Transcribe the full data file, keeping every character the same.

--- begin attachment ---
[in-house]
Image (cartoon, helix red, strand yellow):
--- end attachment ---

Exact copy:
[in-house]
Image (cartoon, helix red, strand yellow):